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Vioxx and Bextra Lawsuits Could Tie Up Courts for Years


In September, 2004, pharmaceutical giant Merck voluntarily withdrew its painkilling medication Vioxx from the market. Studies show that Vioxx increases the risk of heart attack and stroke among patients who have used the drug for longer than 18 months. Vioxx, a drug from a family of non-steroidal anti-inflammatory drugs known as COX-2 inhibitors, is one of only a few drugs specifically designed to minimize inflammation while avoiding the stomach disorders long associated with other anti-inflammatory medications. Since its introduction in 1999, Vioxx has been a huge success, and sales of the drug worldwide topped $2.5 billion in 2003. That is certainly a great deal of money, but it pales when compared to the amount that Merck stands to lose through product liability lawsuits, which will soon come to court. As of this writing, several thousand lawsuits have been filed nationally, but attorneys estimate that the total number of lawsuits filed could reach a staggering 100,000.

The Medical Community Changes Its Mind


How many of us have taken aspirin or a similar popular product found at the drug store when we had some type of discomfort? Of course, many of us have and why shouldn't we? Non steroidal anti-inflammatory drugs, also called NSAIDs; like aspirin and ibuprofen, have generally been considered safe and effective in making an individual feel better.

High Cholesterol Prescription Medications Can Kill You


The World Health Organization declares that heart disease is the number one killer worldwide. High cholesterol is a major contributor of heart disease. In America alone there are nearly 105 million people with high cholesterol.

Protect Yourself Against the Flu Vaccine!


The vaccine industry insists that their vaccines against the flu serve as the key to a healthy winter. Although there has not been a serious flu epidemic for 38 years, their vaccines are prescribed to millions of people each year. You may wonder why perfectly healthy people are injected with a normally harmless bug whose strains mutate from year to year? Although flu vaccines can never be accurate, encouraged by their employers, millions of employees submit to a flu jab each year, trying to avoid the loss of working days.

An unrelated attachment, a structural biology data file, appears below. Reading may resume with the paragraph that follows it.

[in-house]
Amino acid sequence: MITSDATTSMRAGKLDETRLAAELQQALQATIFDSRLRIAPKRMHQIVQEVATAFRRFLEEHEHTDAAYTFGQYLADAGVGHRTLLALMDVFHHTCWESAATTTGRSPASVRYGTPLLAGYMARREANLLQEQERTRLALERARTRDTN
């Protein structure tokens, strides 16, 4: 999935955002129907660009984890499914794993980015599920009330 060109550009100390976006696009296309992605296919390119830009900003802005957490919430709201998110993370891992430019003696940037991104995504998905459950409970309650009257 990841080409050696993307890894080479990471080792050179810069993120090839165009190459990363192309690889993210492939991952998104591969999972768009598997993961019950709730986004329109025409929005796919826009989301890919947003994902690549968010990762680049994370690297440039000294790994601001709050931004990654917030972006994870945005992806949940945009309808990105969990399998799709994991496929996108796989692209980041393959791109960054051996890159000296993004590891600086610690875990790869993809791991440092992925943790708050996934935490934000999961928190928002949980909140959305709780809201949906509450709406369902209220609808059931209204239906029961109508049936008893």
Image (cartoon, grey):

Bextra Withdrawal Could Be Just the Beginning for Pfizer


The pharmaceutical industry is a tremendously profitable one, as anyone who reads the business pages of their newspaper can see. Although it can take years to develop a new drug and bring it to market, the profits obtained from a breakthrough drug can be staggering. Last year Merck sold about $2.5 billion worth of Vioxx, and Pfizer sold about $1.3 billion worth of Bextra. The profits are huge, but so are the losses if a problem should develop with a pharmaceutical product. Pfizer voluntarily withdrew the popular anti-inflammatory drug Bextra from the market last month, and their stock has suffered from both the loss of sales and the potential for a large number of product liability lawsuits. Pfizer may have to endure a double whammy this year as the FDA announced that they are investigating reports that the impotence drug Viagra may be linked to cases of blindness in male users. Cialis and Levitra were also mentioned in the report, although most of the cases involved the use of Viagra.The FDA reports shouldn?t cause alarm; the agency says that it is investigating fewer than 50 incidents of blindness in patients who use a drug that has been used by more than twenty million people since its introduction seven years ago. The FDA investigation says less about the likelihood of blindness in patients than it does about the agency?s own concerns about its reputation. The FDA rightly insists upon rigorous testing of drugs before they reach the market in the name of public safety. But that coin has two sides, and there are those who say that the agency is too quick to approve potentially dangerous drugs and others who say that the agency?s testing isn?t thorough enough. Adding fuel to the fire are the recent memos obtained from Merck employees that suggest that the company was aggressively marketing Vioxx even though their sales staff knew the drug was potentially dangerous.There may be no link between Viagra and blindness at all, as the form of sudden blindness alleged to have been caused by Viagra use is common to the sorts of patients who have erectile disfunction. The FDA is just being cautious, as they should be. Further tests will determine if there is an actual link. The party likely to suffer immediately is Pfizer, as stockholders, already concerned about Bextra lawsuits, drove the stock price lower immediately upon the release of the Viagra news. Sales will probably decrease, too, as patients who are now accustomed to reading about drugs being withdrawn from the market may shy away from the product until further tests are done. That could present a huge income for Pfizer, as they currently sell about $2 billion worth of Viagra each year. The drug business is a profitable one, but like any business, comes with risks. This year, it would seem that Pfizer is getting a double dose of bad medicine.

7 Tips to Keep Your Fluid Down on Dialysis


As any dialysis patient will tell you, keeping your fluid gain between dialysis sessions in check is not only important to your long term health, it is a major factor in your immediate well-being.

Potassium and The Dialysis Patient